Monthly Archives: April 2016


Social media is a wonderful way to connect with family and friends. But it’s also a place where it’s easy to throw out topics you wouldn’t dare bring up at Thankgiving dinner or in mixed company…not as in male-female, but in the political polar opposites so many of us find ourselves. Differing views, honest debate and discussion, are enlightening…But the climate of nastiness is too much.

I’ve gotten good at biting my tongue (it’s a wonder I still have a tongue!) but I find sometimes I just need to get the junk out of my head. So…I write. Tonight’s poem is one of those rants. My heart grieves over what we are becoming.

Woe to all the frenzied faithless
Wide-eyed, gulping baseless lies
Called to act in fear and hatred
Marching to faux battle cries.

Woe to all the masses blinded
Trusting in only what they’re fed
By charlatans, as they’re reminded
All Hope is gone, their God is dead.

Woe to all the haughty righteous
Building walls to hide their children
Claiming charity, their soulless
Lives beholden to greedy men.

Woe to hippocrates and fools
Who seek their heaven here on earth
Excluding outcasts, changing rules
Ensuring that their rights come first.

Woe to the people who’ve lost their way
Who’ve fallen to idolatry
The truth is just a breath away
For ears to hear and eyes to see.

kat ~ 30 April 2016

April Poetry Month ~ A Poem a Day #30

A close up view of White Clover. It is hard to believe that this is a common weed!

The theme for today is surprise!

It is day 30. The final day of poetry month and my challenge to myself to do a new poem and form each day. And surprise! I did it!

For the record, this month I explored the following poetry forms: Alouette, Free Form, Lune, Cleave, Shadorma, Palindrome, Ottava Rima, Triolet, Cascade, Fibonacci, Lai, Imayo, Sijo, Luc Bat, Epulaeryu, Terzanelle, Tetractys, HexSonetta, Sedoka (a Katouta x2), Minute, Tanka, Etheree, Than-Bauk, Bref Double, Alliterisen, Haiku, Limerick, Reverse (not to be confused with my own quirky creation, the ReVerse…more on this later…), and finally a revisit of the Cleave…I had forgotten I already did this form and it is, after all, one of my favorite forms! Of course there are so many other forms…classical as well as new forms being created to this day. This brings me to my ReVerses which have nothing in common with the Reverse poetry form.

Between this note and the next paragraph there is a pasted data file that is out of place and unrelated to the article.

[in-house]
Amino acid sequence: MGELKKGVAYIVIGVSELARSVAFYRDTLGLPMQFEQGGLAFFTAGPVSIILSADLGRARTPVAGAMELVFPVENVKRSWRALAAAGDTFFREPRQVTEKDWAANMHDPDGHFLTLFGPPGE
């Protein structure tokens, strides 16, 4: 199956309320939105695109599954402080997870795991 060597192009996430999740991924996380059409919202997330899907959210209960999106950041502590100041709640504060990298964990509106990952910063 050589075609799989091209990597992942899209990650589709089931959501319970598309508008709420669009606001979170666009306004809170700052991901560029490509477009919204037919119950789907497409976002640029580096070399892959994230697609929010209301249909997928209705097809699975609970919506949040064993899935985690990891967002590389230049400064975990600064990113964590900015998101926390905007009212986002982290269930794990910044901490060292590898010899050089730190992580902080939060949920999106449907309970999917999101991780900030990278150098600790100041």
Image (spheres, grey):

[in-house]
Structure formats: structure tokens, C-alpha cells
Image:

As is my weekly practice, I like to look back, lifting a line from each poem of the previous week to create a ReVerse of my words. it is something I started doing years ago when I first started to write. I always have a favorite line in each poem and thought it would be fun to create a new poem using those favorite lines. I have not found a form that does this in all my research, though there is the Cento, which is a collection of lines from the poems of several authors – not a writer’s own work.

Inspired by the many classical and experimental new forms, I am left with only one solution. To create my own new poetry form!

And so I give you the Shi Sai (pronounced SH-ī with a heavy inflection on the Sh and a silent second s). It is Japanese for “re verse” or “re poem”. I used a Japanese translation because many of the earliest forms of poetry originated in Asia. And it has a nice ring to it, don’t you think? To make it official:

The Shi Sai, a form created by Kat Myrman in April 2016, is a poem created by taking one line of verse from several poems of an author’s own collection. The shi sai is done as a review of a series or collection of poems and therefore, each line should flow in chronological order of the dates the poems were written (from oldest to new). The lines chosen should be the author’s favorite from each poem. This form works best if the author resists the temptation to read the full new poem before all the verses have been added. (It helps one to resist the impulse to change a line to make it “fit”)

And so, I give you my shi sai then, on this last day of April. A look back at an amazing month that has one last story to tell!

something’s amiss with your mind
a dizzy streak of laser precision
it won’t be a secret
time to weep, to let things go suspended in cerulean blue
new life on the wing
moments of clarity
they say in time the truth will be revealed,